As you might learn from an interview I did with him (you will find it in January's issue of „High Fidelity”) Srajan is in fact a German born in Flensburg, the very north of Germany in Schleswig-Holstein, who emigrated to USA as an adult. Both he and his whole family are musicians – his brother and sister are actually active and quite known ones.
In USA he started his carrier as a blue collar first but than he started to write texts for online audio magazines like: „Positive-Feedback Online”, „SoundStage!”, „Goodsound!” and „EnjoyTheMusic” and later, bit disappointed by what he experienced there, but using gained experience he started his own magazine.
Somewhere on his way he experienced his own personal enlightenment – in India he was given a new name Srajan, and he started to change his own life. Today if you call him at 2 or 3 a.m. you can be sure he won't pick up the phone. Not because he's asleep but because he meditates.
OK., we know the origin of his first name. Now the surname. ‘Ebaen’ sounds quite exotic, right? Maybe because he created it together with his wife. They both agreed that their own names put together made it almost impossible to pronounce for ebverybody (his wife’s parents were Portuguese and Indonesian). So they took some letters common for their both surnames and created a new one - ‘Ebaen’.
One more word about his first name – when Srajan came to Cracow I asked Jarek Waszczyszyn how should I pronounce this exotic name. It turned out that everybody pronounced it in a different way, mostly wrongly. In fact it sounds more or less like ‘Sir John’.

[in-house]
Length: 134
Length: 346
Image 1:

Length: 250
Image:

We have Srajan „discussed”, so it's time for the main topic of our CSS meeting, that our guest took part in. We met to get familiar with two products of Japanese company Acoustic Revive:

  • Negative Ion Generator RIO-5II,
  • Demagnetizer With Many Uses for Audio RD-3.
They both work as „compact disc performance optimizers”. Each of them does it in a different way but the best result is achieved when we use both of them together, as their work is complimentary.
So what are they? These are electric devices, the principles of their operations are based on solid physics and the results of their work can be measured. I wrote about RD-3 already some time ago – its a demagnetiser, that neutralizes magnetized iron particles, that are part of each paint, each plastic and so on. It's very important for Compact Disc as when spinning with high velocity it becomes kind of a magnetic field generator, that might influence a work of optic system that is moved by electromagnets. What's more – magnets, even so small as magnetized iron particles, might influence also servo mechanism and circuits amplifying signal right after they arrive from the lens, because when conductor goes cross magnetic field there is an interference induced in this conductor. When CD is spinning we might compare it rather with moving magnet (magnetized iron particles) but the outcome is the same. The purpose of RD-3 is to demagnetize all magnetized elements inside CD and thus to minimize their influence on the whole data reading circuit. What really RIO-5II does is much more difficult to comprehend, at least for me. This device looks like electric kettle, or a blender. You put a CD on top of it and push a red button. What's happening next? I need to quote a manual that says: